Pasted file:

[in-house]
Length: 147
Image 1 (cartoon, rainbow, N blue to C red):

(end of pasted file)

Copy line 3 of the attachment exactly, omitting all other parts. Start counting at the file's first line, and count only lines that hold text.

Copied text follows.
Image 1 (cartoon, rainbow, N blue to C red):